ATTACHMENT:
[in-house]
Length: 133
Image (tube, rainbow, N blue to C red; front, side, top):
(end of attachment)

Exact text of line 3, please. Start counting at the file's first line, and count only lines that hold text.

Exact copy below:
Image (tube, rainbow, N blue to C red; front, side, top):